Olympian Language

Last night The Curmudgeon spent some time, not totally voluntarily, watching the Olympics, and he was appalled by some of the abuse of the English language he suffered at the hands of the mostly amateur broadcasters calling the games.

He was assaulted on numerous occasions by references to various athletes’ “skill sets” when we all – all – all – know that referring to those capabilities simply as “skills” would work perfectly well.

And once, that skill set paid dividends.

Ice skating commentator Johnny Weir

No word on the interest rate on those dividends.

The Curmudgeon sat in horror as the ice skating commentator with either a misshapen head or a ludicrous pompadour referred to a particularly young skater’s relative youth as his “juniorness” and his “juniorship.”

But without doubt the one that got the curmudgeonly blood boiling the most was a commentator – numerous times – describing the challenge some of the skiers faced because of the slope’s “aggressive snow.”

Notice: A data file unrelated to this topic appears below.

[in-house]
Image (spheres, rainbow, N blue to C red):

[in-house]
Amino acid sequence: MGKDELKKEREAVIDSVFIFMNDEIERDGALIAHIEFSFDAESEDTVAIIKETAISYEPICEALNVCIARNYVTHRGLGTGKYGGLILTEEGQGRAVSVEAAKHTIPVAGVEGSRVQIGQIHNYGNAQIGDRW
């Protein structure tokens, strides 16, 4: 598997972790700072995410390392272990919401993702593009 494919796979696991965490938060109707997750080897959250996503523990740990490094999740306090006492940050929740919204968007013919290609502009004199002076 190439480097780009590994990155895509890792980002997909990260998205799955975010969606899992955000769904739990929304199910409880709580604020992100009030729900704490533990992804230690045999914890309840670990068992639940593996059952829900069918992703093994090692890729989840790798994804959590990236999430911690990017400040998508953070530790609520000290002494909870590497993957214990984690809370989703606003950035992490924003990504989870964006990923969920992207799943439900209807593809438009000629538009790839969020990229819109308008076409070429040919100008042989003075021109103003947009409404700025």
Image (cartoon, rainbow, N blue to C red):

“Aggressive snow”?

How in the world can snow be aggressive?

Aggressive snow?

Say whaaaaaaat?

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Comments

  • Peaches Shimmerdeep  On February 17, 2018 at 10:16 am

    Actually laughing out loud.

    • foureyedcurmudgeon  On February 17, 2018 at 2:40 pm

      In your line of work I suspect you hear “skill set” every day – maybe even dozens of times a day.

  • Scott  On February 17, 2018 at 8:16 pm

    Since aggressive snow is all the rage at this years winter olympic games, can passive aggressive snow be far behind?

    It’s all downhill from here.

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